Incorporating hygge into your lifestyle can be as easy as lighting your favorite candle or having your friends over for a game night. It’s something that can be enjoyed alone, but is wonderful to share with loved ones.
The social aspect of hygge is foundational to its culture in Denmark. It’s so important to the Danes that work ends sharply at 5 p.m. to allow time to balance work and social life.
Interaction with loved ones through hugs or simple touches releases a hormone called oxytocin, or the “love hormone.” Considering the happiness that comes from human connection, in addition to this hormone that lowers stress and boosts well-being, it makes sense that a social life plays a major role in hygge.
Hygge socializing looks a little bit different than college socializing. For instance, the size of the gathering tends to be much smaller. Hygge is likened to socializing for introverts. It’s more focused on calm nights inside with a warm drink and your closest friends which, during a pandemic, is much safer and more responsible than a night out on the town with a bunch of acquaintances. Bringing friends around to bake bread, hosting a clothing swap, or just chatting over a mug of coffee are relaxed and limited-capacity ways to spend a hyggelig evening with your inner circle.
Make no mistake, this isn’t because all Danes are introverts. Part of enjoying hygge with others comes from a shared history among friends. Having stories and moments in common to laugh about is a special part of hygge that friends can bring. Meik Wiking, author of “The Little Book of Hygge,” suggests creating traditions with friends in order to build that shared history. Planning weekly game nights, monthly hikes, or whatever else you fancy can create moments that your group can enjoy together for years to come.
Nonetheless, not all of us are living with roommates or family, or are able to safely be close to others. Never fear, my quarantined friends! If you’re down on your oxytocin, hygge practices can provide the feeling of warmth that releases the love hormone.
“In many ways, it is like a good hug, but without the physical contact,” Wiking wrote in “The Little Book of Hygge.”
The feeling of a good hug without the COVID-19 risk sounds like a great deal. Stay safe and swap the social activities to cuddle up with a book, learn a new recipe, or take up a cozy hobby. Knitting, painting, and other calming crafts are great hygge hobbies and can also be a fun way to create more hyggelig decor or clothing to add to your home.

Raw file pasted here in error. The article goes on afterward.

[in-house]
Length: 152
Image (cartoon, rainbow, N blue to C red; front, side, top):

Thanks to our good friend Zoom, you can also maintain social distancing while enjoying hygge with friends and family. Light some candles, put on some cozy socks, and log into a call for a virtual cooking night, or a long-distance book club. The options for hyggelig activities are endless.
While options are wide open for ways to practice hygge, it’s easy to let this consume you and to neglect it all together. For moments when a hyggelig night is much needed but you lack the energy to put one together, Wiking recommends a hygge emergency kit. Throw together some wool socks, a good book, some special treat, or whatever else lights your hygge fire, and store it away for a rainy day.
Finally, incorporating hygge into your life once a week with friends, or every once in a while for some self-care, is a perfect beginning to your journey, but working to establish a hygge routine or some daily cozy habits serves to root hygge deep in your lifestyle.
Routinely lighting your candles after class or enjoying your favorite tea before bed every night are small changes that can add a touch of extra joy to your day. After all, those simple, cozy moments are what hygge is all about.
As winter drags to a close, I hope hygge has found its way into your home, your kitchen, and into your heart. May you all be so consciously cozy that not even the Seattle gray can dampen your mood.
Reach columnist Katelyn Grganto at firstname.lastname@example.org. Twitter: @KGrganto
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